While the first chapter of the book introduces the research question, highlights key statistics, and overviews the thesis, it is also a disclaimer where the authors brace themselves for the criticisms they are aware the book will ignite among general readers. Indeed, the reaction to the book in the news media and the comment threads that follow those reviews - overwhelmingly negative – are almost worthy of scientific inquiry about why the thesis created such an outcry.  The disclaimer embedded in the first chapter falls into responding to two broad categories of criticism manifested in the negative reaction to the book.  The first is about the specific definition and measurement of success.  The definition of success is relative depending on the individual, and can range from a life spent on doing the most good to a life filled with joy pursuing things one is passionate about, Chua and Rubenfeld admit. However, “goodness, religiosity, and self-awareness are not what modern economies reward” (Chua & Rubenfeld, 2014, p.7,) they continue and define successful people and cultural groups as those who have more income, better education, and higher status compared to the rest of the population. Their approach to defining success is pragmatic and neutral; there is no indication that this form of success is better or worse than success defined in some other way; though clearly Chua and Rubenfeld – both from triple package cultural groups - are successful individuals in their book’s terms. The second disclaimer is more implicit, and loosely guards the thesis against potential criticisms of neo-racism where ethnocentric tendencies are based on the superiority of one’s cultural values, rather than the inferiority of other groups’ biological heredity (Balibar & Wallerstein, 1991).  Chua and Rubenfeld’s position is once again pragmatic and neutral; their book attempts to explain an empirical fact with a theory that makes sense, without necessarily alluding to the absolute superiority of the cultural groups used to illustrate their theory.  Like any good scientific theory, their thesis can be tested, while controlling for other potential contributors to success.  They also refer to the issue of ecological fallacy such that while certain cultural groups tend to instill triple package values more strongly than others, Chua and Rubenfeld note that individuals can and do vary with respect to how strongly they possess triple package values regardless of cultural membership and as a function of upbringing, personality, and/or life experiences.  The conclusion they draw in the introductory chapter, despite the disclaimers, is likely to touch a nerve though: “The overwhelming message taught in American schools, public and private, is that no group is superior to any other. In America, embracing yourself as you are – feeling secure about yourself – is supposed to be the key to a successful life…Whatever kernels of truth may underlie these propositions, the irony is this: America still rewards people who don’t buy into them with wealth, prestige, and power” (Chua & Rubenfeld, 2014, p.27).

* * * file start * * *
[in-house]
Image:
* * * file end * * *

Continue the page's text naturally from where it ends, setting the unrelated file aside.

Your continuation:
Ultimately, Chua and Rubenfld’s book is like an art house film, with its unconventional and controversial undertones open to either interpretation or criticism, commercially marketed to a mass audience.  I believe most international business scholars and practitioners would find the cultural thesis developed in the book intriguing, insightful, and interesting.           

References

Balibar, E., & Wallerstein, I. M. (Eds.). (1991). Race, nation, class: ambiguous identities. Verso.

Cerdin, J. L., Diné, M. A., & Brewster, C. (2013). Qualified immigrants/'success: Exploring the motivation to migrate and to integrate. Journal of International Business Studies.

Hofstede, G. H. (2001). Culture's consequences: Comparing values, behaviors, institutions and organizations across nations. Sage.

House, R. J., Hanges, P. J., Javidan, M., & Dorfman, P. W. V.(2004). Culture, leadership, and organizations: The GLOBE study of 62 societies.


Published at http://aib.msu.edu/JIBS/BookReviews/HTML/2014-01.html
Reviewed on: July 4, 2014
(c)2014 - Academy of International Business